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Lemon Beer Pound Cake

Lemon Beer Pound Cake

I’ve always been an adventurous eater.

I ate ants in Colombia, snake meat in Greece, mint tea made with a brown liquid I couldn’t identify in Morocco. If it’s new to me, I want to try it. I want to eat all the things, even if I know I’ll hate them. Even the few things I can’t stand, like pears, bananas, and raw celery, if you make them in a way that’s new and exciting, I’ll dive right in. Even if I know with every ounce of certainty that I’ll hate it. Curiosity rules my decision making at time. Even in the midst of my eat-all-the-things ambition, I have a true love for simple food done well.

It took years for me to figure out how to make the perfect steak, and how to cook ribs at home that taste like a southern BBQ, and how to make mac n cheese that’s creamy out of the oven. Sometimes, simple is the most beautiful.

Lemon pound cake is a simple but beautiful food. It’s perfect early in the morning with coffee, or late at night with a beer or a classic rye Old Fashioned. My main goal was the perfect icing. I wanted that thick layer that sits on top like a crown, not dripping down that side. I wanted coffee shop style icing. I figured out that a thick paste, spread on while the cake was still in the pan, then chilled for an hour gave me that gorgeous look. Although I do think this version is better for late-night-with-booze consumption than those cakes served in the morning. But it’s your call.

Lemon Beer Pound Cake -2

 

Lemon Beer Pound Cake

Yield: 6 to 8 servings

Ingredients

  • 1 tbs lemon zest
  • 1 ¼ cup sugar
  • 2 tbs butter, softened
  • 3 eggs, room temperature
  • 1 tsp vanilla extract
  • 1/3 cup lemon juice
  • 1/3 cup wheat beer
  • 3 tbs olive oil
  • 1 ¾ cups flour
  • ½ tsp baking powder
  • ½ tsp baking soda
  • ½ tsp salt
  • Glaze:
  • 2 cups (1/2 lbs) powdered sugar
  • pinch salt
  • 2 tsp lemon juice*
  • ½ tsp water

Instructions

  1. Preheat oven to 325.
  2. In the bowl of a stand mixer add the lemon zest and sugar. Beat for about 2 minutes on high to release the lemon oils into the sugar.
  3. Add the butter, beat until well combined.
  4. Add the eggs and vanilla, one at a time, beating well between additions.
  5. Add the lemon juice, beer and olive oil , beating until well combined, scraping the bottom of the mixer to insure all ingredients are well incorporated.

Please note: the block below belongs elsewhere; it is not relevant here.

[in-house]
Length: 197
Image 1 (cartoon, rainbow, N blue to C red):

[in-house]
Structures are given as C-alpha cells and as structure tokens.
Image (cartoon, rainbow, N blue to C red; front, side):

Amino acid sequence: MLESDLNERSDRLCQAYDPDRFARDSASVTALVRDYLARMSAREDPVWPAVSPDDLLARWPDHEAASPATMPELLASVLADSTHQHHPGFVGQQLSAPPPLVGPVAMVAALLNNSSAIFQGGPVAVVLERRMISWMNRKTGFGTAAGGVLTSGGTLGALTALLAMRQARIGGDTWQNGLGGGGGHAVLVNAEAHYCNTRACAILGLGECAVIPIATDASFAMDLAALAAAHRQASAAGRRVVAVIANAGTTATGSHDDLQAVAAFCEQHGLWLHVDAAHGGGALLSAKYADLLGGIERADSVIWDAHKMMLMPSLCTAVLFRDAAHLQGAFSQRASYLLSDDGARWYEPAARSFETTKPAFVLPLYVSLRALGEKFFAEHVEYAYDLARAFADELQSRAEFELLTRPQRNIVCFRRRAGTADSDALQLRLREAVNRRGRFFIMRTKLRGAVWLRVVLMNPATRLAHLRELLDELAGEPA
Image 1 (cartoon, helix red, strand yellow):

6. Stop the mixer and sprinkle with flour baking powder, baking soda and salt, sitr until just combined.
  7. Pour into a large loaf pan that has been greased.
  8. Bake at 325 for 55 o 60 minutes or until cake is golden brown and tooth pick inserted in the center comes back with just a few crumbs attached. Allow to cool completely.
  9. Stir together the powdered sugar lemon juice and salt to make a thick paste. Spread over the top of the cake, chill until set about 3 hours. Cake is best made a day ahead of time.
  10. Substitute all of some of the beer to increase the beer flavor.

Notes

Substitute all of some of the lemon juice in the glaze to increase the beer flavor.

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https://domesticfits.com/lemon-beer-pound-cake/

Lemon Beer Pound Cake -4

Lemon Beer Dream Cake

Lemon Beer Dream Cake via @TheBeeroness

As I type this, I stand firmly on the waining end of National IPA Day (August 1st).  With two different bottles of IPA rattling around in my bones, I blame all levels of grammatical inaccuracies and typos on higher than average ABV’s.

IPA day was started by bloggers, with nothing to gain but promoting the hoptastic end of craft beer sepctructrum. It wasn’t a cooperate game, a marketing strategy, or a way to promote a single beer. It’s a rally cry, a voice from within this community I’ve come to love that just says, "join us." A way to celebrate the beer that’s at the cornerstone of a movement that identifies us as a community and a way to pull others into the pot. Drink the Dry Hopped Kool-Aid with us, we want you here. No singular voice benefits from this, it’s just a fun, rising tide, that lifts all craft beer ships.

For these reasons, I’ll always participate. Until it gains sponsors, then I may have to reconsider.

Lemon Beer Dream Cake via @TheBeeroness

As I spent a day in and out of comprehensive distraction, I did what I do in this corner of Craft Beer Land, I cooked. I baked. I made a cake that served as a bit of therapy for a strange time in a strange life. I wanted to pay homage to the Beer of the Hour, but that IPA can temperamental. Cooking and reducing an IPA in any capacity can be a bit hit or miss. Higher IBU beer (IBU stands from International Bitterness Units, it’s how to tell how hoppy or bitter a beer is), reduce to a very bitter product. I generally use them when the beer won’t beer cooked (or at least not cooked for an extended period of time), or when I want a little beer to go along way, flavor wise.

Lemon Beer Dream Cake via @TheBeeroness

A fringe benefit of beer blogging is surprise shipments of beer from great breweries. A recent shipment was graciously sent over from a brewery out of Athens, Georgia called Terrapin. Although most of the time I’ve spent in Georgia should go lavishly unrecorded, I would like to take a trip back to visit this place.